Back in the 1980s, you were required to pay hundreds of dollars to play primitive games with even more primitive graphics. Since then, gaming has slowly but surely become a much more accepted hobby in the world. Helped by increasing graphical, storytelling and gameplay complexity, and decreasing prices, gaming is now amongst the most popular hobbies in the world.
Gaming saw a big boosts with the PlayStation 2 with its reasonable price and outstanding game variety, the Wii with its engaging motion-sensing gameplay and, more recently, with smartphones and their vast amounts of $0.99 casual games.
The demographics too have changed over the years, with an increasing trend towards to higher ages. Now, according to the Entertainment Software Association’s (ESA) latest survey report, that trend is quickly reversing as the average age of the American “gamer” is now thirty, down from thirty seven in 2011 and back to what it was in 2005.
So, what exactly happened in a year? Did an unprecedented amount of parents buy PlayStation 3s and Wiis for their children? Did some massive catastrophe wipe out a large percentage of older gamers? The answer, actually, is that the ESA has changed up the way they conduct their survey.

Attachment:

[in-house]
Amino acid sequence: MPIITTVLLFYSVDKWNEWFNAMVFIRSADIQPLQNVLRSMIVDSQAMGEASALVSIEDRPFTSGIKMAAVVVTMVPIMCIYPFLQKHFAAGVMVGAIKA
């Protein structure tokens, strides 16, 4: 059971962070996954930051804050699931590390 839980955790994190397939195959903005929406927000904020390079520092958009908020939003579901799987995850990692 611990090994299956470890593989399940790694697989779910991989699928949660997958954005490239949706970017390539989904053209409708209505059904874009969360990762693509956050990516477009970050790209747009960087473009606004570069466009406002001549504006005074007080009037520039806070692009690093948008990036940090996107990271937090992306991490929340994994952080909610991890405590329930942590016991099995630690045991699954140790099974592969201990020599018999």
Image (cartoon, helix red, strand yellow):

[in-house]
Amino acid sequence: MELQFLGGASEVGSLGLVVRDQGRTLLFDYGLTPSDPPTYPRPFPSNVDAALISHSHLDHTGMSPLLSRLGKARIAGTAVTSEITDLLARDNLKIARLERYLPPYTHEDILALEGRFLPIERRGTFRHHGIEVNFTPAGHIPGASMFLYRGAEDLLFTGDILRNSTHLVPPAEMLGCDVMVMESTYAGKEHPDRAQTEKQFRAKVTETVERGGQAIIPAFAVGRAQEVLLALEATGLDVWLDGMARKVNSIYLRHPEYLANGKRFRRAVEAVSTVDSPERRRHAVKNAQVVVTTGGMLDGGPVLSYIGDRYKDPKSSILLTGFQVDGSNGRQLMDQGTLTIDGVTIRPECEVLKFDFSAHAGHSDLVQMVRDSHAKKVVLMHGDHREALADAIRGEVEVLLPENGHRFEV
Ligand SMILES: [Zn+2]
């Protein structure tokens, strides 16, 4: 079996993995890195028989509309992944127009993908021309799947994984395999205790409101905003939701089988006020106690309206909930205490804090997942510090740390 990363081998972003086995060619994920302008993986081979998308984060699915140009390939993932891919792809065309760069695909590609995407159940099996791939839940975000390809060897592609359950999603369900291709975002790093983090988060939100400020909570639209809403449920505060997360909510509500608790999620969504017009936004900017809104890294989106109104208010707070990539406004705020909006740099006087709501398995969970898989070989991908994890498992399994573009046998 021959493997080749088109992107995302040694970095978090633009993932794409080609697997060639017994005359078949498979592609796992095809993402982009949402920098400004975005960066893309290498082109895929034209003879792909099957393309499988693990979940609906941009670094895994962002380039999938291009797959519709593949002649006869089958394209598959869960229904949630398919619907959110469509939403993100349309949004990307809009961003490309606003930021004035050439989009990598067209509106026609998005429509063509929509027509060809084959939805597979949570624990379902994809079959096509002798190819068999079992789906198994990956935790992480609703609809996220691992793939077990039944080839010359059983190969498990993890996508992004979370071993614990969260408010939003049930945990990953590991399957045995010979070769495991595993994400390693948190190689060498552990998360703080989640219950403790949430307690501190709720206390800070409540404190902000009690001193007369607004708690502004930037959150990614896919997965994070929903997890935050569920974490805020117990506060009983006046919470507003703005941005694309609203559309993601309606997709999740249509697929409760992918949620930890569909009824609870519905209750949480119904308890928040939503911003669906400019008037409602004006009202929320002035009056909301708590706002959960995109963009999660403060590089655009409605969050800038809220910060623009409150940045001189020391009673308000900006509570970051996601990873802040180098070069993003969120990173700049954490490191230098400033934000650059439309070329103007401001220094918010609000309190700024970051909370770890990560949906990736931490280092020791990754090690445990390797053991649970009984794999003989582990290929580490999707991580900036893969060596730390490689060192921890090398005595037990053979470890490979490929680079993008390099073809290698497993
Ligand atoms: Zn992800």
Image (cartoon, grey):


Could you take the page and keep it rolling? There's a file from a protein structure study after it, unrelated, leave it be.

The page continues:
Before 2012, ESA would only ask questions related to dedicated video game consoles and “PCs which are mostly used for gaming”. This year, they included portable gaming consoles like the PS Vita and 3DS, smartphones like the iPhone and its Android counterparts, tablets like the iPad and portable media players like the iPod touch. By definition, anyone who plays for more than hour a week on these platforms is considered as a “gamer” by the ESA. This change in methodology has indeed resulted in a more well-balanced survey.
With smartphones and portable computers getting cheaper (the quad-core Nexus 7 costs just $199) and offering more and more awesome gaming experiences for prices lower than a cup of coffee, it’s no surprise that younger folks are starting to get into gaming. I started gaming around the age of twelve or thirteen, but I know and have seen plenty of four-five year old kids playing simple games on an iPad or an iPod touch.
You can learn more about ESA’s report by heading over to ArsTechnica’s article on it here.